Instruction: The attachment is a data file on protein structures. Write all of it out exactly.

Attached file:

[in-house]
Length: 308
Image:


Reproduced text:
[in-house]
Length: 308
Image: